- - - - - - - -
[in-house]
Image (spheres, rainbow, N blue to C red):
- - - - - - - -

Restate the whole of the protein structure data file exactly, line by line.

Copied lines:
[in-house]
Image (spheres, rainbow, N blue to C red):